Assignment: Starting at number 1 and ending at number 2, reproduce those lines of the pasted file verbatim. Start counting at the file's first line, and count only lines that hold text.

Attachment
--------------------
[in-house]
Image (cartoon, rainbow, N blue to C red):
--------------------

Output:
[in-house]
Image (cartoon, rainbow, N blue to C red):